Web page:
Changes in project team composition during the project life cycle should be expected and planned for. Examples include team changes to match the specific skills associated with certain tasks on a project and natural team attrition through illness or otherwise. While such changes can decrease project stability, appropriate planning can help mitigate the negative effects.
Structured succession planning for short and long-term resource impacts is an important and effective strategy to reduce unnecessary stress and workload burden on PMOs and their remaining team members. Succession planning will also mitigate against the risks associated with single points of failure on projects and enhance a PMO’s ability to deliver a stable and successful project to the client. In some circumstances, turnover has a positive effect, such as ineffective project team members.
The author’s research suggests that ineffective succession planning can negatively disrupt project performance and overall success.
3. Risk Management
Most projects cannot be delivered from initial planning through to project closure without encountering some level of disruption. Issues or obstacles encountered can create uncertainty and often become risks. The sources of uncertainty can be wide-ranging and often significantly affect project execution. Managing uncertainty on projects is key to success. PMBOK® Guide (2021) point out that risk management is an important component of the overall project management plan and should be considered for each phase of a project’s lifecycle. Furthermore, a risk register can be an effective tool to help manage risk. The primary function of a risk register is to.
Document and track project risk
Assign risk owners
Detail appropriate mitigation and/or contingency strategies to manage each risk item
PMOs and their project teams should maintain comprehensive risk logs on their projects. Risks associated with resources are typically not included on project risk registers. Single points of failure and project manager stress due to excessive workload can, for example, be very detrimental to project stability and success. The advice here is simple: Please ensure that you log all risks, even those associated with resources.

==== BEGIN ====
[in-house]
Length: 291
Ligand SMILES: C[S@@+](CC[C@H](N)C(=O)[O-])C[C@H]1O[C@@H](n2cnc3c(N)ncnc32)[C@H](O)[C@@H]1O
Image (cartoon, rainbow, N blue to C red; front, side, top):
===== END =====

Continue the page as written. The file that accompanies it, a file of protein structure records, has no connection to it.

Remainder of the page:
Bad news rarely gets better over time! An active risk register is a key project document which should be regularly reviewed, critiqued, and managed by the project leadership team. Mitigation and contingency plans should be actively worked and logged in their respective project risk registers.
4. Knowledge Harvesting
Pressure is increasing from clients in the public and private sectors to deliver projects faster with improved quality and lower cost. Such pressures require PMOs to adopt continuous improvement processes and techniques to assist in how projects are executed. Valuable lessons learned on projects often become “buried” in project files and are rarely referenced. Such documented learnings should be living and breathing documents on a project, with regular referencing and appropriate updating. Lessons learned activities have become a common means of identifying improvements and innovations on projects.
The introduction of a project learning roadmap can also assist PMO’s in effectively managing the knowledge harvesting on their projects. It is important to note that knowledge harvesting is most effective when done from the early initiation phase right through to project close out.
Cultivating a culture conducive to exploiting the benefits associated with knowledge harvesting should be a key focus area for PMOs and will only be successful with consistent engagement and support from senior PMO stakeholders. Effective knowledge harvesting, in particular with documented lessons learned processes, can increase project success and help drive organisational learning.
5. Occupational Stress